Here are this year's 5 biggest NCAA tournament bracket snubs
For a few unlucky teams each March, Selection Sunday becomes Rejection Sunday. They gather to watch the unveiling of the NCAA men's tournament bracket together only to endure the heartache of Greg Gumbel not calling their name.
This year, there were bubble teams of every flavor waiting to learn their fate. Some surged into NCAA tournament contention in March. Others sputtered into Selection Sunday leaking oil and missing parts. Some were barely over .500 but played a rugged schedule. Others had sparkling records but few quality wins to show for it.
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The NCAA tournament selection committee ultimately awarded this year’s last at-large bids to a trio of middling power-conference squads and a Mountain West team that dropped its last three games entering Selection Sunday. Pittsburgh, Mississippi State, Arizona State and Nevada will all be in Dayton this week to play in the First Four.
Rutgers was the most surprising exclusion from the NCAA tournament field, but the Scarlet Knights weren’t the only team who left their team watch party dejected. Here's a look at Sunday's five biggest snubs:
1. Rutgers (19-14, 10-10, NET: 40, KenPom: 35)
Almost every mock bracket projected the Scarlet Knights to make the NCAA tournament, but their unusual profile always left them vulnerable. This was a team that didn’t challenge itself in non-league play and showed it could beat anyone and lose to anyone over the course of the Big Ten season. On one hand, Rutgers won at Purdue in January and pushed the Boilermakers again in the Big Ten quarterfinals. The Scarlet Knights also swept Penn State, and beat Indiana and Maryland. On the other hand, Rutgers’ 2-4 record in Quadrant 3 games was the worst among bubble teams. The Scarlet Knights were one of only three Big Ten teams to lose to last-place Minnesota. They also dropped games to Nebraska, Temple and Seton Hall.
2. Vanderbilt (20-14, 11-7, NET: 81, KenPom: 80)
Vanderbilt has been the nation’s 30th-best team since Feb. 1, per Bart Torvik’s T-Rankings. The Commodores won 10 of their final 12 games, including a pair of victories over Kentucky and single wins over Mississippi State, Auburn and Tennessee. If the committee took the 68 teams playing the best on Selection Sunday, Vanderbilt would be a lock. The problem is the committee evaluates the full body of work, which means the Commodores’ early home losses to Grambling and Southern Miss worked against them, as did their egregiously low No. 81 NET ranking and No. 80 KenPom ranking. Ultimately, Vanderbilt was 2022 Texas A&M. Just like those Aggies, the Commodores hit their stride too late.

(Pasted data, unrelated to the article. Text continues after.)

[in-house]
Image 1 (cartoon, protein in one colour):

3. Oklahoma State (18-15, 8-10, NET: 43, KenPom: 38)
When Oklahoma State head coach Mike Boynton posted an open letter to the committee on social media Friday, it had a whiff of desperation. Boynton cited Oklahoma State’s eight wins in a “historically good” Big 12 and said “we certainly deserve inclusion” in the NCAA tournament. Alas, what Boynton conveniently ignored was which eight games Oklahoma State won. The Cowboys went a dismal 0-9 against the league’s top four teams. They needed 18 Quadrant 1 games to get their six Quadrant 1 victories. Even coming from a league that was far and away the nation’s best this season, too many missed opportunities doomed Oklahoma State.
4. Clemson (23-10, 14-6, NET: 57, KenPom: 64)
There was a lot to like about Clemson’s résumé. The Tigers were the rare bubble team with an above-.500 record in Quadrant 1 and 2 games. They beat Penn State, took down Pittsburgh and Duke and swept three games from fellow bubble team NC State. They went 14-6 in an admittedly down ACC. So where did it all go wrong for Clemson? The 334th-ranked non-conference schedule, always a point of contention for the selection committee, and a hideous array of Quadrant 3 or 4 losses. You cannot drop a game to 28-loss Louisville and expect to make the NCAA tournament, let alone also fall to South Carolina, Boston College and Loyola Chicago.
5. North Carolina (20-13, 11-9, NET: 46, KenPom: 47)
UNC made some painful history Sunday night. The Tar Heels became the first AP preseason No. 1 team to miss the NCAA tournament since the field expanded to 64 in 1985. Despite returning four starters from last year’s national runners-up, North Carolina never came close to recapturing the form it displayed last March. The Tar Heels went 2-9 in Quadrant 1 games — and one of those victories came against an Ohio State team that finished second-to-last in the Big Ten. When North Carolina lost a defensive struggle to Virginia in the ACC quarterfinals, the Tar Heels seemed to know their fate. Asked if he had a “pitch” for why his team deserved an NCAA bid, head coach Hubert Davis said candidly, “At the end of the day, we had our chances.”